Keywords: Review of data sources and associated methodologies, knowledge transfer, innovation, social sciences, industry sectors, Science-industry linkages, academic disciplines, information and communication technologies (ICT)
Wednesday, 6 December 2017
A Brief History of Tuberculosis Control in India.
by World Health Organization, 2010, ISBN 9789241500159. «WHO/HTM/TB/2010.4»
Summary: This report was prepared as part of a World Health Organization (WHO) project funded by the Bill & Melinda Gates Foundation to review the history of tuberculosis (TB) control in India, to assess the impact of the TB programme on the epidemiology of tuberculosis in India, and to outline directions for future progress.
In 2006, the population of India was 1.1 billion or 17% of the world's population. The country is divided into 35 states and union territories (UTs) which are subdivided into over 600 districts (1, 2). India has 299 people living with TB per 100 000 population or 3.4 million prevalent cases (1). Every year, 2 million people develop TB and 331 000 die due to TB (1).
The National TB Programme (NTP) was launched by the Government of India in 1961. In order to deal with some of the shortcomings of the NTP highlighted by the 1992 Joint Review by the Government of India, the Swedish International Development Agency and WHO, the Revised National TB Control Programme (RNTCP) was established in 1993 and the new programme, based on DOTS – the internationally-recommended strategy to control TB, was launched in 1997 (3).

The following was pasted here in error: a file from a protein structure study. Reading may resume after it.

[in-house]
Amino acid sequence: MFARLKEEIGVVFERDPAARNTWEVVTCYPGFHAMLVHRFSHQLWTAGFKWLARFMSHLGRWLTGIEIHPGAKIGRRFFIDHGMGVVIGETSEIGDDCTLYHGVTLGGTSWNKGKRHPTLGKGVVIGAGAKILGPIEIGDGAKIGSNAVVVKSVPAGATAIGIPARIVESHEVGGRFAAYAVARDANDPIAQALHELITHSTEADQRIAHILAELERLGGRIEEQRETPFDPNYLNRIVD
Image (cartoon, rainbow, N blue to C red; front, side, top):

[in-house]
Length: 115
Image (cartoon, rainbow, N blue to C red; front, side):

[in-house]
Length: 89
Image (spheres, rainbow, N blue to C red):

The RNTCP included flexible funding mechanisms, decentralization, an ensured supply of quality-assured drugs at all times, better supervision, monitoring and evaluation, and technical support via a country-wide network of consultants. By 2006, the whole country was covered under the RNTCP, and case detection and treatment success rates had improved significantly.
The challenge is now to sustain the existing DOTS-based programme while introducing all components of the new Stop TB strategy, including services to address TB/HIV, treatment for multidrug-resistant TB, strengthening laboratory services, and integrating TB services in all health facilities of both the public and private health-care sectors. The effectiveness of the TB control programme is likely to increase further with the focussed efforts being undertaken by the Government of India in strengthening the primary health-care system under the National Rural Health Mission (NRHM).